Can you tell me something about CSUN? What is it about the place that would be attractive to a prospective recruit?

CSUN is definitely a great place to be. The school itself is very modern with solid facilities. Plus, us being in Southern California and suburban Los Angeles, we are able to train year round. For a “smaller school” (though CSUN has over 35 thousand students) we are not shy when it comes to our competitive schedule. In the past the team would travel to the NYC Armory, Texas Relays, and the UCSD Triton Invite to name a few. We believe to contend for championships we have to give our student-athletes the best opportunities to compete among the best in the country on a regular basis.  Also, for throwing training, we actually have our own field designated for throws only. It’s a great set up and allows us to get great training in with minimal distractions.

Have your experiences in Germany and knowledge of the German system influenced your ideas about coaching?

Absolutely! I have been fortunate enough to spend the last two summers in Germany. I have learned a lot from my girlfriend, Kathrin Klaas,..

Leichtathletik-WM 2011 in Daegu

…and how she structures her training and what  cues she feels and looks for her in her throwing. I’ve been able to discuss many ideas with her and adopt some of her drills and cues into my own training plan. I have been lucky enough to watch her prepare for the 2014 European Championships and World Championships at their federal training center in Kienbaum as well. In Kienbaum, I was able to watch the best German throwing athletes train and gather some good ideas. Also, I spent many days discussing training ideas with German Federal hammer and javelin Coach Helge Zöllkau. I was given some incredible insight into his program and how he approaches training with his club athletes and elite level athletes.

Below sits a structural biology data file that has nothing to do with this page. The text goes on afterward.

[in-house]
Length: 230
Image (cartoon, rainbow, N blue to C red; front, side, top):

One last topic. You made a vid this summer with Kathrin, German discus champion Julia Fischer, and Robert Harting. That vid seems pretty timely after the release of the recent  WADA report. Can you describe how that vid came about and share your thoughts about the current situation with the IAAF?

The video was created when the first articles were released over the summer stating the IAAF had been sweeping positive tests under the rug and accepting bribes from GOBs to protect certain athletes. Not only is it ethically wrong, but the integrity of our sport to the highest level has come in question. The video is to show that athletes are tired of battling the cheaters of our sport and, now, the governing body.

The video came about actually during a training camp in Kienbaum. The leaked articles were being discussed during breakfast and Robert and Julia asked Kathrin and I if we would be in support of and be part of making this video. We spent the next two days between training times creating the video and reaching out to people who had been affected by doping. We created the hashtag #HITIAAF (honesty, integrity and transparency) to help create awareness about how we as a whole are not only battling cheaters in our events, but also the IAAF. The video went on YouTube on a Sunday afternoon and by Tuesday we had over 80 thousand views, I believe. If you have not seen it yet, here is the link:

In light of the new findings of bribery and doping scandals, this video definitely drives home what we we stand for… Honesty, Integrity and Transparency #HITIAAF.